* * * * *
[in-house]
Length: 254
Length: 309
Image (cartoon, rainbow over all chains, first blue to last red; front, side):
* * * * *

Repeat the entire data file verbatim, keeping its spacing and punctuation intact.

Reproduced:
[in-house]
Length: 254
Length: 309
Image (cartoon, rainbow over all chains, first blue to last red; front, side):